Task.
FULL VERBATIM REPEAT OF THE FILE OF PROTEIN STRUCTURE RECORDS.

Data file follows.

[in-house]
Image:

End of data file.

[in-house]
Image: